You probably think looking good will help you in life. You’ve read how looking good will help you become rich and find a gorgeous mate or that there are proven reasons life is better if you’re beautiful. Since Internet articles never lie, you try hard to look good.
Looking good for success, though, isn’t about being aesthetically attractive. Looking good means you embody society’s valued traits of more, faster, better.
Are you better at interviews than the other candidates? You get the job. Are you more charismatic? You get a girlfriend. Are you faster than your colleagues? You get a bonus. Given the nature of the game, though, for every one who wins, hundreds lose.
Since you work hard at looking good, consider the following: in a world where everybody is playing the more, faster, better game, what real chances do you have to stand out?
More, faster, better isn’t more, faster or better
Take a job interview. Candidates battle for an hour — probably less — to convince the hiring manager they’re more productive, more intelligent, faster workers, faster thinkers, faster money-makers, better problem-solvers, better leaders, better listeners, better at doing anything the company wants them to do.
As someone who interviews and hires people regularly, the looking good attitude is annoying. The reason is simple: I see a bunch of people who are more concerned about showing how good they are than about showing who they are. They’re all sending out the same message (“I do more stuff than any other candidate, and I do it faster and better”), which makes them look all the same.
Here’s what I do at interviews: I force the candidates to explore who they are. If they do, I hire them.
Assumption: you hide who you are
A few weeks ago, I interviewed Kate. She’d worked for Google for six years on two different markets, and her credentials were great. Her CV was good, but so were other candidates’.
I kicked off the interview asking her about herself. She listed all her work accomplishments, emphasizing her great expertise and knowledge. She was trying to beat her competition at the more, faster, better game.
I said, “Kate, I have your CV. It looks good, so stop talking about it. Instead, why do you think you’re doing so well at work?”
Her first reply was about how good she was: “I’m a perfectionist, I never fail a project, I work hard…”
I stopped her. “Hold on, Kate. Take a minute and think about my question again. Not how, but why are you doing so well?”
She threw a quick side glance at me that implied what she thought of my question, then stared at the wall for a long time. Eventually, she whispered, as if she was thinking out loud, “Why am I doing well? Because I want to be the best. I can’t fail.”
I continued, “Think of the first time you remember failing in life. I want you to describe it to me. Where were you? What happened?”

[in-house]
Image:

After several minutes of silence, she told me how, at age 15, she flunked an important test at school while all her friends passed. She said, “I felt like a failure.”
“So you failed and all your friends passed. What does it say about you?” I asked.
She kept looking away. Then she spoke softly, “I’m not good enough. I’m not as good as others are. That’s why I need to be the best.”
And there it was. Her why.
I just want to be liked. I’m not good enough. I’m not worthy.
Deep down, all of us have a similar story that doesn’t make us look good. We’re so ashamed that we build a wall to hide it from the world. Talking about her long list of accomplishments was Kate’s way to hide from others what she really thought of herself.
Kate showed incredible courage in exploring who she really was. Her courage is the one trait that separated her from the rest of the crowd, more than any achievement on a CV could have ever done.
Screw looking good
Here’s the morale of the story: In a world where everybody plays the more, faster, better game, one more player won’t make any difference. (Click to Tweet!) Chances are, nobody will even notice you’re there. If that’s your strategy to get rewarded, good luck.
But there’s another way. It’s scary because it takes you to a place you worked so hard to keep from others. In this place, you don’t do more, faster, better — and you surely don’t look good — but you’ll find the answer to the question, “Why do you do what you do?”
Once you know the answer to that question, tell everybody.
If it’s scary to you, it’s probably scary to others, too. But here’s the difference between you and the rest of the crowd: you do things others can’t.
Alex Dogliotti, PhD, is the European Director of Learning and Development at ReachLocal, Inc. He blogs about standing out of the crowd on Stuckaholic. Connect with him via LinkedIn, Facebook or Twitter, or just send an email to firstname.lastname@example.org.